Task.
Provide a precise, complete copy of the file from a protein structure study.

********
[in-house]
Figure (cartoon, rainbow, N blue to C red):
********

[in-house]
Figure (cartoon, rainbow, N blue to C red):